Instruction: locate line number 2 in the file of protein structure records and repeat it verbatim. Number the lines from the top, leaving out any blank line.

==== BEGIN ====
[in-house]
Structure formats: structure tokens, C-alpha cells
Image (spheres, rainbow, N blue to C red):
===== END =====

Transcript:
Structure formats: structure tokens, C-alpha cells